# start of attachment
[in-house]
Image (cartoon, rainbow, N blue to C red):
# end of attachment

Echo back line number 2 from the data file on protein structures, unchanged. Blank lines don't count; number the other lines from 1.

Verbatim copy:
Image (cartoon, rainbow, N blue to C red):